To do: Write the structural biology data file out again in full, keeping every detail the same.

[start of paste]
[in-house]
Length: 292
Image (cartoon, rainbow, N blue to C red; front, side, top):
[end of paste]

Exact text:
[in-house]
Length: 292
Image (cartoon, rainbow, N blue to C red; front, side, top):